Michael P from orgsync submitted a comment recently with questions about podcasting:
What was the most memorable thing that happened during your podcasts? How many did you do? I was reading that most podcast don’t make it over 10 casts due to the amount of work that goes into them. Your thoughts…
Always in search of new subjects, I jumped on it (Thanks, Michael!)
I started doing podcasts in October 2005. With more than 200 shows we’re still going strong.
I hadn’t read that most podcasts splutter out so quickly but it’s probably true. If you want quality podcasts, there is some work to them. At the same time, they’re not as much work as quality video productions. And being a lover of the spoken word, conversations and good stories, I think podcasts are worth the time and effort.
Several memorable moments crowd their way into that category. One of the most emotional for me was my first interview with our new president, Maravene Loeschke. The subject of drunk drivers came up and she said she and her husband had “a very beautiful daughter” who was killed by a drunk driver.
I was totally unprepared. I teared up and choked up, barely whispering how sorry I was to hear that. After a moment I recovered and continued the interview.
Another very real moment came with Eden, one of the first students I followed through their freshman and sophomore years to let them tell the story of entering and adjusting to college through the students’ experiences. One day Eden came in and sat down, totally shaken. She had caught her fiance cheating on her with her friend. She told me the whole story. “I threw my engagement ring at him and left,” she said. “Later I thought, well, it will make a good podcast.” And so we sat down in the studio. . . .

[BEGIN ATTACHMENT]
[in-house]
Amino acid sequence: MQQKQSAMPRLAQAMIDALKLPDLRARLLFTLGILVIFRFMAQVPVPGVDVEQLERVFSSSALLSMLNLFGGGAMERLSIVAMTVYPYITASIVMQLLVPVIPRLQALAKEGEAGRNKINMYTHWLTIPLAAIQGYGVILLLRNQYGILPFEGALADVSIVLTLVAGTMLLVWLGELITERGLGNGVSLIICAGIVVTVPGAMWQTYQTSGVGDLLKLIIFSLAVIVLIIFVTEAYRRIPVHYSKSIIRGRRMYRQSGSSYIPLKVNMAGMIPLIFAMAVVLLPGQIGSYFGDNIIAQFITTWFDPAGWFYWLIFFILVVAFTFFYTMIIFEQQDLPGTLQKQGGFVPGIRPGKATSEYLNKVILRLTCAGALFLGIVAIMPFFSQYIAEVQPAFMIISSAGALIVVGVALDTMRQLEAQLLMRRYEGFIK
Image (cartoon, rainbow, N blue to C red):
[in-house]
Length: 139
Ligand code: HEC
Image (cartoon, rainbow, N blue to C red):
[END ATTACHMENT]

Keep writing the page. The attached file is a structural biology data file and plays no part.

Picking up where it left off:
Casey, a 6’2″ music major, was another student I interviewed weekly. He always provided a great interview with his offbeat vision of the world. He had a wonderful, hearty laugh. One day, I said something that struck him funny and he launched into a laughing fit and couldn’t quit. It was one of the few times I’ve lost control in the studio because I started laughing, too. Later I time it. It lasted a minute and a half, which is a really long laugh. I left it in the interview.
Verne Lapps is a retired speech professor who years ago recorded the New Testament. He studied the Bible, and did a lot of research to prepare to do the dozens of voices in the Scriptures. His description of how he found himself disagreeing with Jesus a couple times, and what it felt like to be the Voice of God, was, to me, riveting.
Lapps also went to college with James Earl Jones, and hearing stories of what “Jim” was like at the very beginning of his acting career, and how a play they were in together drove them apart, again, was fascinating.
So, Mike, again, thanks for the questions. Yes, podcast production is work but when you have real conversations and really get people to open up, their stories are compelling, and in a lot of cases, timeless.
I also did a series on how to podcast, equipment, etc.
You can find the shows at podcast.mansfield.edu Scroll through the archives.
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